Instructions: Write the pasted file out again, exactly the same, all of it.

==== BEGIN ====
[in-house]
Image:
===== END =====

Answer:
[in-house]
Image: